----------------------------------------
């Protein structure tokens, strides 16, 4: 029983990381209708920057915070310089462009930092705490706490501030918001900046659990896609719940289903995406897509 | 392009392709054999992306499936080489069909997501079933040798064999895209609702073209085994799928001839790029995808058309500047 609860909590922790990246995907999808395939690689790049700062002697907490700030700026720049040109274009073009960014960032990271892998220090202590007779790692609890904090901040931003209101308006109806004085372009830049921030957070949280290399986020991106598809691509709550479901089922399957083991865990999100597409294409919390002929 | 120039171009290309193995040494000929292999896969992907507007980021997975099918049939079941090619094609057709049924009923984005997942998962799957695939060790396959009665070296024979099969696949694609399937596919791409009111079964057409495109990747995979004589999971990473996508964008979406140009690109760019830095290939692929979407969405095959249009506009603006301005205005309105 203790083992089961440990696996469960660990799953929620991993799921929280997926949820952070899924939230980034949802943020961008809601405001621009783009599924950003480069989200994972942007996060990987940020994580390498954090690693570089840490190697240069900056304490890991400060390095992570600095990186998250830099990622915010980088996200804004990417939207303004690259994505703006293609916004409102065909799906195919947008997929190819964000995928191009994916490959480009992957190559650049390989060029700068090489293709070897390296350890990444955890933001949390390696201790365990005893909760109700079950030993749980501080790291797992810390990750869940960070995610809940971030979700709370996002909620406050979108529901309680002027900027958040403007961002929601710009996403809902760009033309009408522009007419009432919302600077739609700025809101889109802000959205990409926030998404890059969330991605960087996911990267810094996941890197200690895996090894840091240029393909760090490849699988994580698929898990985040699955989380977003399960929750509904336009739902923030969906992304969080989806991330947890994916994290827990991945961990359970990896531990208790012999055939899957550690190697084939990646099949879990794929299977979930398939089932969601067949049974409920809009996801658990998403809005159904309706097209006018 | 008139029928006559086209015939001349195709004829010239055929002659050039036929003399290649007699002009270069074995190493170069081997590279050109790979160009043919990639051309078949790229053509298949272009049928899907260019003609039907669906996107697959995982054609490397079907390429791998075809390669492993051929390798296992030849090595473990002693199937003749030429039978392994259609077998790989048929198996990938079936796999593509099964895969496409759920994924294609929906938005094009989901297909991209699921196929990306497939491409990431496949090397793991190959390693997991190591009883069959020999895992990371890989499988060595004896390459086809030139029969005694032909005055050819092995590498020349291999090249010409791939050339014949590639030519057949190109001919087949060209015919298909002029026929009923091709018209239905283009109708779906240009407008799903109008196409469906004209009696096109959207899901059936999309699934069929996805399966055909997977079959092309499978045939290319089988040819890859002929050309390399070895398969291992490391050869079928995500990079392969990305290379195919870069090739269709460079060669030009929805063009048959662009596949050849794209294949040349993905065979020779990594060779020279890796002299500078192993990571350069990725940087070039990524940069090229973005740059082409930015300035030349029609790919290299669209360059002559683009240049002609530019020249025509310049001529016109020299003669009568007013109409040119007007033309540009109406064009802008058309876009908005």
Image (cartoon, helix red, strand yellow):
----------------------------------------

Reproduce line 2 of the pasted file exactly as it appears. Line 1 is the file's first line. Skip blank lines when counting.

Image (cartoon, helix red, strand yellow):